Posted by: reefrescue | March 23, 2013

Fed’s propose designating Palm Beach County beaches as sea turtle critical habitat

The U.S. Fish and Wildlife Service (FWS) has identified island and mainland coastal beaches in six states to propose as critical habitat essential for the survival of Endangered Species Act (ESA) listed Loggerhead Sea Turtles.

The proposed critical habitat areas include 90 nesting beaches in coastal counties located in North Carolina, South Carolina, Georgia, Florida, Alabama and Mississippi. The proposed areas incorporate about 740 beach shoreline miles and account for approximately 84 percent of the documented nesting beaches within these six states.


Under the ESA, critical habitat identifies geographic areas that contain features essential for the conservation of a listed species. Critical habitat receives protection under section 7 of the ESA by requiring federal agencies to consult with the Service on federal actions that may affect critical habitat and by prohibiting federal agencies from carrying out, funding or authorizing the destruction or adverse modification of critical habitat.

This is a proposed designation.

FWS is seeking public comment before making a final determination.

If you’ll recall in 2009 the fed’s proposed designating Palm Beach reefs as critical habitat for the survival of ESA listed staghorn coral.  The Town of Palm Beach successfully challenged the proposal and reefs offshore of Palm Beach were denied the federal habitat protections.

Case in point: had that area been designated for ESA protection as originally proposed, the recent Flower Gardens Reef dredge damage would now be under federal investigation.

It is important you submit your comments to FWS.

Written comments and information concerning the proposal can be submitted by one of the following methods:

  • Federal eRulemaking Portal: Follow the instructions for submitting comments to Docket No. FWS–R4–ES–2012–0103; or
  • U.S. mail or hand delivery: Public Comments Processing, Attn: FWS–R4–ES–2012–0103; Division of Policy and Directives Management; U.S. Fish and Wildlife Service; 4401 N. Fairfax Drive, MS 2042–PDM;, Arlington, VA 22203.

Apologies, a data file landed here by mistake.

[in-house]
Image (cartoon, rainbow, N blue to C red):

Habitat threats:

For loggerhead sea turtle terrestrial habitat, the FWS has identified primary threats that may impact the habitat, thus necessitating special management or protection, into 12 categories:

(1) Recreational beach use (beach cleaning, human presence (e.g., dog beach, special events, piers, and recreational beach equipment));

(2) Beach driving (essential and nonessential off-road vehicles, all-terrain vehicles, and recreational access and use);

(3) Predation (depredation of eggs and hatchlings by native and nonnative predators);

(4) Beach sand placement activities (beach nourishment, beach restoration, inlet sand bypassing, dredge material disposal, dune construction, emergency sand placement after natural disaster, berm construction, and dune and berm planting).

(5) In-water and shoreline alterations (artificial in-water and shoreline stabilization measures (e.g., in-water erosion control structures, such as groins, breakwaters, jetties), inlet relocation, inlet dredging, nearshore dredging, and dredging and deepening channels);

(6) Coastal development (residential and commercial development and associated activities including beach armoring (e.g., sea walls, geotextile tubes, rock revetments, sandbags, emergency temporary armoring); and activities associated with construction, repair, and maintenance of upland structures, stormwater outfalls, and piers);

(7) Artificial lighting (direct and indirect lighting, skyglow, and bonfires);

(8) Beach erosion (erosion due to aperiodic, short-term weather-related erosion events, such as atmospheric fronts, northeasters, tropical storms, and hurricanes);

(9) Climate change (includes sea level rise);

(10) Habitat obstructions (tree stumps, fallen trees, and other debris on the beach;

nearshore sand bars; and ponding along beachfront seaward of dry beach);

(11) Human-caused disasters and response to natural and human-caused disasters

(oil spills, oil spill response including beach cleaning and berm construction, and debris cleanup after natural disasters); and

(12) Military testing and training activities (troop presence, pyrotechnics and nighttime lighting, vehicles and amphibious watercraft usage on the beach, helicopter drops and  extractions, live fire exercises, and placement and removal of objects on the beach).

FWS link:




  1. […] Additional information about the FWS proposal can be found at:… […]

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